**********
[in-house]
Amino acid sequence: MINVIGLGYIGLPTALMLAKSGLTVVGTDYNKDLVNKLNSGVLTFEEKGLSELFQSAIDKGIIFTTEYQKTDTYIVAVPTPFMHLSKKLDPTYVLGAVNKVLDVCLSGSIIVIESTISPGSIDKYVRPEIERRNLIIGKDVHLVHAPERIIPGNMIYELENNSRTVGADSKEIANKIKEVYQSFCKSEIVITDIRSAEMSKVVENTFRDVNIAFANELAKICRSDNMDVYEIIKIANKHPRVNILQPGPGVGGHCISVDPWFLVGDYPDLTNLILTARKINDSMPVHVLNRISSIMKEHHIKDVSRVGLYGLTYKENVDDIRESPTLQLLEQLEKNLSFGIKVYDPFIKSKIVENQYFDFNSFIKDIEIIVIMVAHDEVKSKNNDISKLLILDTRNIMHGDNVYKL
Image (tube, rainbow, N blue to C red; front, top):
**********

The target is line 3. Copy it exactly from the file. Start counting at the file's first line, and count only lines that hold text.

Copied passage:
Image (tube, rainbow, N blue to C red; front, top):